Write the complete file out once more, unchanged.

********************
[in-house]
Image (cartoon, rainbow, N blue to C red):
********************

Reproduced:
[in-house]
Image (cartoon, rainbow, N blue to C red):